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06-27-2019, 01:55 AM   #16
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QuoteOriginally posted by Silent Street Quote
...

... 'ticker-tape' formats.
LOL. Thanks for that.

06-27-2019, 08:28 AM   #17
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Like Desertscape I find the difference between 645 film and 35mm film to be not significant enough to tempt me to 645. I shoot mostly slide film and I love the way one can appreciate a 6x7 slide even without a loupe. (I also shoot 6x9 from time to time with a press camera). I'm flirting with the idea of going even larger, if time and money permit. And I love the lens variety available for the 6x7/67 series.
06-27-2019, 05:06 PM - 1 Like   #18
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Pentax 6x7 vs 645 systems Advantages and Disadvantages?

My answer: 645 film isn’t providing the marginal improvement over my digital cameras to be relevant, and now with the 645z I doubt I will shoot 645 film again.

But I still use my 67, though it takes a pretty good scanner to make it worth the trouble (my Nikon 9000 is good enough—barely).

The lenses for the 67 are one Pentax-made adapter away from use on the 645z.

I think Eric Hendrickson will still CLA 67’s. I’ve had him do that for two of mine. Build that into the cost consideration.

For me, their is a secondary aesthetic enjoyment—the 67 cameras are just so beautiful that they beg to be used. The 645 has the same ingenuity in its design, but it just doesn’t match those acres of slightly brassed (you know, real brass) lacquer-and-leatherette P67. I feel the same way about my Sinar P.

Rick “big camera fetishist” Denney
06-28-2019, 07:47 AM   #19
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I have a P67 and 645D (and also a Mamiya 645 which is similar to the original P645 - bought back in the day). From a film perspective today, the merits of 645 (more automation, powered film advance and more shots per roll) are less important than they were. I used to shoot action with the Mamiya (airshows etc) and it was ideal for that, now I'm much more careful with exposures and don't need to rush, in this way 10 exposures suit my way of working better.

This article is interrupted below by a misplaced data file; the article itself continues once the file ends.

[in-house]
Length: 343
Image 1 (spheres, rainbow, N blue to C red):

I don't worry about body/lens sizes & weights as the bags all seem to weigh the same and are similar sizes (with either you have to trim your gear - unlike 35mm where you can carry stuff you know you won't need 'just because' it's already in the bag). I prefer the form factor of the P67 - the 'shallower' body makes it easier to fit it in bags meant for FF pro DSLs with a grip attached (similar in size). The 'deeper' body of 645D (for comparison is similar to P645) requires a bit more awkward to find a suitable 'compact' bag.

When I bought the D I only had P67 lenses and an adapter, this is a perfectly workable solution (giving Av & M modes), I haven't had problems with the optics of 6x7 lenses on the D, some are slightly better than others but nothing that seems significant to me, but I shoot mostly handheld and don't do proper lens tests. The OEM Pentax adapters may be expensive or hard to find though?

More recently I've bought some 645FA lenses: the 33-55 for a wider shot (the widest 67 lens is a 35mm Fish-Eye which kind of works if you're really careful) and the 45-85 for convenience - when you have an AF body, an AF lens is convenient to have. I could quite happily do with just the 67 lenses - they're also in demand as they can be mounted on many of the other medium format digital cameras with some adapters available.

As others have said, I wouldn't worry about the system being old and unsupported, but try to get the best condition camera you can - buying from a reputable dealer with warranty or support is preferable. How you'll be using it is the biggest deciding factor over format, you'll always be able to trade lenses and accessories should you change direction later. I regret not buying a 6x7 straight away back in the day - but they were well over my budget at the time.

John.

06-28-2019, 07:52 AM   #20
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The difference between 35 and 645 is actually larger than that between 645 and 67, but one of the main attractions of 66, 67 and 69 is that you almost need no loupe to view the results on a lightbox. 645 is a bit too tiny for that.

Having a Rollei 6008 and some TLRs I know how addictive the process of working with these beasts can be. But only if you have the time to do it! Or the back to carry it all... I also use 35mm film again, and I loved it. Takes any obsession with gear away.

Last edited by Smolk; 06-29-2019 at 09:40 AM.
06-28-2019, 02:52 PM   #21
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I got a Pentax 6X7 system in 1991 and always loved the results, though handling has never been easy (tripod, weight, cost). I bought a "like-new" Pentax 645N 3 years ago with a 45-85 A and a 80-160 A plus 2 film backs for less than 1000 $. The results were more than satisfying and I thought "Damn, I should have purchased this system 20 years earlier".